Objective: Capacity assessments serve as surrogates for surgical output in low- and middle-income countries where detailed registers do not exist. The relationship between surgical capacity and output was evaluated in Ghana to determine whether a more critical interpretation of capacity assessment data is needed on which to base health systems strengthening initiatives.
Methods: A standardized surgical capacity assessment was performed at 37 hospitals nationwide using WHO guidelines; availability of 25 essential resources and capabilities was used to create a composite capacity score that ranged from 0 (no availability of essential resources) to 75 (constant availability) for each hospital. Data regarding the number of essential operations performed over 1 year, surgical specialties available, hospital beds, and functional operating rooms were also collected. The relationship between capacity and output was explored.
Results: The median surgical capacity score was 37 [interquartile range (IQR) 29-48; range 20-56]. The median number of essential operations per year was 1480 (IQR 736-1932) at first-level hospitals; 1545 operations (IQR 984-2452) at referral hospitals; and 11,757 operations (IQR 3769-21,256) at tertiary hospitals. Surgical capacity and output were not correlated (p > 0.05).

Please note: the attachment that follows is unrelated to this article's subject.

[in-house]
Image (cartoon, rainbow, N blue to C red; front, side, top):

Conclusions: Contrary to current understanding, surgical capacity assessments may not accurately reflect surgical output. To improve the validity of surgical capacity assessments and facilitate maximal use of available resources, other factors that influence output should also be considered, including demand-side factors; supply-side factors and process elements; and health administration and management factors.